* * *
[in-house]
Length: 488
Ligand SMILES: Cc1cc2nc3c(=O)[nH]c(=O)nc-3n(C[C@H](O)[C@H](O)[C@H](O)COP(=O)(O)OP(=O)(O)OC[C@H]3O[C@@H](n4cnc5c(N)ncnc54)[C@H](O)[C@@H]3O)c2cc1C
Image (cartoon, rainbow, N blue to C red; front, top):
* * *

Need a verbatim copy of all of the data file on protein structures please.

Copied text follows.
[in-house]
Length: 488
Ligand SMILES: Cc1cc2nc3c(=O)[nH]c(=O)nc-3n(C[C@H](O)[C@H](O)[C@H](O)COP(=O)(O)OP(=O)(O)OC[C@H]3O[C@@H](n4cnc5c(N)ncnc54)[C@H](O)[C@@H]3O)c2cc1C
Image (cartoon, rainbow, N blue to C red; front, top):